Is Mime Appropriate in the Christian Church? Part 8

by Lena Arnold

Conclusion & Resources

After having studied mime and it close cousin the clown; and reviewed scripture on appropriate praise and worship, I am inclined to agree with the opponents of pantomime (mime). I do not believe that it is acceptable form of worship to a holy God.  It is entertainment, engineered to manipulate a counterfeit worship experience and generate a soulish, emotional response. Many of today’s churches have abandoned worship in spirit and in truth in exchange for entertainment and fleshly pursuits and virtually every ministry where entertainment is a priority, mimes can be found?

 “Finally, brothers, whatever is true, whatever is honorable, whatever is just, whatever is pure, whatever is lovely, whatever is commendable, if there is any excellence, if there is anything worthy of praise, think about these things.Colossians 3:17 God expects His people to pursue excellence in all that they do.  There is nothing honorable or excellent about using pagan practices to worship a sovereign, Holy God.

Having a form of godliness, but denying the power thereof: from such turn away. 6For of this sort are they which creep into houses, and lead captive silly women laden with sins, led away with divers lusts, Ever learning, and never able to come to the knowledge of the truth. (2 Timothy 3:5-7)

(Pantomime) “may be a practice of the world but the Church of Jesus Christ has no office or place for actors by any name or description. Therefore, the speechless skits or plays by church actors with white gloves, performing a religious theme, should not be found in any Apostolic or Pentecostal Church throughout the world.” (2015, para 1).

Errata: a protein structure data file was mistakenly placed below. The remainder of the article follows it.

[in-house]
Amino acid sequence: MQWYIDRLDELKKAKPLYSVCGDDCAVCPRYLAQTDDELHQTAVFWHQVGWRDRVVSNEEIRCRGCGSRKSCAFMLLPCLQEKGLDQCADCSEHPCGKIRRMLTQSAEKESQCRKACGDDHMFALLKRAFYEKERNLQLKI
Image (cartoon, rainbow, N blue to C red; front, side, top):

Annette Lust (2009) From the Greek Mimes to Marcel Marceau and Beyond: Mimes, Actors,       Pierrots and Clowns: A Chronicle of the Many Visages of Mime in the Theatre, Scarecrow Press, 2009

Bakers (2014) Pagan Gods and Goddesses, Bakers Evangelical Dictionary, Retrieved from

Barghest, et. al (Sep 28, 2005) [Web log post] Museum of Hoaxes, retrieved from  

Brockett, Oscar G., Hildy,  Franklin J. (2013) History of the Theatre, (Chp. 3) Hellenistic,       Roman and Byzantine Theatre, Pearson Education 2013

Faced. (2009, December 1). Gospel mime history, gospel mime history [Web log post].      Blogspot, 2009, Retrieved from

Farce, 2015 Retrieved from

The History of Mime (2015) retrieved from (p1, p1 2015)

Leon, Vicki (2007) Working IX to V: Orgy planners, funeral clowns, and other prized             professions of the ancient world. Walker and Company 2007 (p 301, p 3)

Moffet, Tetaun (2013) The origin of Pantomime (mime): It’s not worship it’s entertainment!

Welcome to Ready Church 2013. Retrieved from

Pan (2015) Retrieved from     para 12)

Pantomime (2015) Conclusion, Wordsource Dictionary of Christian Words Retrieved from

Pantomime. (n.d.). Retrieved June 30, 2015, from http://www.merriam

Patton, Michael C (2008), The entertainment driven church, Parchment and Pen, [Web log] retrieved from driven-church/

Schumacher, Robin, (2012) The Best Argument Against Christianity, The Confident Christian,  2012; Retrieved from,

McRobbie, Linda R. (2013) History and Psychology of Clowns Being        Scary,SmithsonianMagazine (July 31, 2013) Retrieved from   

What is pantomime? (2015) retrieved from

The Roman Christian Church – It Spectacular Elements (1935), Republished by retrieved from

Warikoo, Niraj (August 2012) Black Churches Combine Pantomime and Christian Message, Detroit Free Press, 2012, Retrieved from combine-pantomime-and-Christian-message

Wingert, Paul S.(2013) Mask Face covering, Encyclopedia Britannica, 2013

Retrieved from

Witcher, Marion (2015) Exposing the Spirits Behind Pantomime, The Prevailing Word Research  Project 2015 (Video) Retrieved from http://video214.complayLjPkOoGjg5hYpR13Kj0Q4A/s/dark and   


One thought on “Is Mime Appropriate in the Christian Church? Part 8

  1. Pingback: Is Mime Appropriate in the Christian Church? Part 7 – Stuff Inside My Head

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